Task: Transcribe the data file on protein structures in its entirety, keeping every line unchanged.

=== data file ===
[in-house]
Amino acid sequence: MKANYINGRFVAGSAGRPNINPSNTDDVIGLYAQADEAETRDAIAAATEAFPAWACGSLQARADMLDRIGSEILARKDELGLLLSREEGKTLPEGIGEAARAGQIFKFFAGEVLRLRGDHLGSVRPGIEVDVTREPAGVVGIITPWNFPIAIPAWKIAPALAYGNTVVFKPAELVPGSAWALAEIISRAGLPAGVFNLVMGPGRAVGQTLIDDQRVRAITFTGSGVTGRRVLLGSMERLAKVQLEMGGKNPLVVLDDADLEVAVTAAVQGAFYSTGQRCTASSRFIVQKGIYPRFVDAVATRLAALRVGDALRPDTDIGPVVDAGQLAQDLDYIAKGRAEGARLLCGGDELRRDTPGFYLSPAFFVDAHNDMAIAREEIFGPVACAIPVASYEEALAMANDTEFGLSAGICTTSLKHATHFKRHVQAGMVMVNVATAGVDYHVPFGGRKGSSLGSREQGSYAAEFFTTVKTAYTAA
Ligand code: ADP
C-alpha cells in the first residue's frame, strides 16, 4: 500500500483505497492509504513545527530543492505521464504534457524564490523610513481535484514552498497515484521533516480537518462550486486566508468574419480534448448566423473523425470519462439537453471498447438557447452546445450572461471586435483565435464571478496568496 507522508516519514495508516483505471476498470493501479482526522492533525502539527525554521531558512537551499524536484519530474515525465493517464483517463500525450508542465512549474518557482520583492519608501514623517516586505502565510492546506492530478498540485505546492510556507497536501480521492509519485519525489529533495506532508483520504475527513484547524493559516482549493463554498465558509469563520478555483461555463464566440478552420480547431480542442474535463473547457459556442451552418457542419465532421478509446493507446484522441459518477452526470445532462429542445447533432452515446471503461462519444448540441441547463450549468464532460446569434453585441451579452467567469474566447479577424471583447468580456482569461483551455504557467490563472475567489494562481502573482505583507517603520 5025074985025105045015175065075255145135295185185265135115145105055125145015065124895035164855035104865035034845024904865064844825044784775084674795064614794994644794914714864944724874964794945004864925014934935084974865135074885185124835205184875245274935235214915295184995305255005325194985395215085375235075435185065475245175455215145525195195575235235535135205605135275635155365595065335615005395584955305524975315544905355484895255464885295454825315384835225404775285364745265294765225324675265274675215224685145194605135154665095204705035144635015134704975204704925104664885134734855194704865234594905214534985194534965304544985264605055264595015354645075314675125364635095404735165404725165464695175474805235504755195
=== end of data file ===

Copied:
[in-house]
Amino acid sequence: MKANYINGRFVAGSAGRPNINPSNTDDVIGLYAQADEAETRDAIAAATEAFPAWACGSLQARADMLDRIGSEILARKDELGLLLSREEGKTLPEGIGEAARAGQIFKFFAGEVLRLRGDHLGSVRPGIEVDVTREPAGVVGIITPWNFPIAIPAWKIAPALAYGNTVVFKPAELVPGSAWALAEIISRAGLPAGVFNLVMGPGRAVGQTLIDDQRVRAITFTGSGVTGRRVLLGSMERLAKVQLEMGGKNPLVVLDDADLEVAVTAAVQGAFYSTGQRCTASSRFIVQKGIYPRFVDAVATRLAALRVGDALRPDTDIGPVVDAGQLAQDLDYIAKGRAEGARLLCGGDELRRDTPGFYLSPAFFVDAHNDMAIAREEIFGPVACAIPVASYEEALAMANDTEFGLSAGICTTSLKHATHFKRHVQAGMVMVNVATAGVDYHVPFGGRKGSSLGSREQGSYAAEFFTTVKTAYTAA
Ligand code: ADP
C-alpha cells in the first residue's frame, strides 16, 4: 500500500483505497492509504513545527530543492505521464504534457524564490523610513481535484514552498497515484521533516480537518462550486486566508468574419480534448448566423473523425470519462439537453471498447438557447452546445450572461471586435483565435464571478496568496 507522508516519514495508516483505471476498470493501479482526522492533525502539527525554521531558512537551499524536484519530474515525465493517464483517463500525450508542465512549474518557482520583492519608501514623517516586505502565510492546506492530478498540485505546492510556507497536501480521492509519485519525489529533495506532508483520504475527513484547524493559516482549493463554498465558509469563520478555483461555463464566440478552420480547431480542442474535463473547457459556442451552418457542419465532421478509446493507446484522441459518477452526470445532462429542445447533432452515446471503461462519444448540441441547463450549468464532460446569434453585441451579452467567469474566447479577424471583447468580456482569461483551455504557467490563472475567489494562481502573482505583507517603520 5025074985025105045015175065075255145135295185185265135115145105055125145015065124895035164855035104865035034845024904865064844825044784775084674795064614794994644794914714864944724874964794945004864925014934935084974865135074885185124835205184875245274935235214915295184995305255005325194985395215085375235075435185065475245175455215145525195195575235235535135205605135275635155365595065335615005395584955305524975315544905355484895255464885295454825315384835225404775285364745265294765225324675265274675215224685145194605135154665095204705035144635015134704975204704925104664885134734855194704865234594905214534985194534965304544985264605055264595015354645075314675125364635095404735165404725165464695175474805235504755195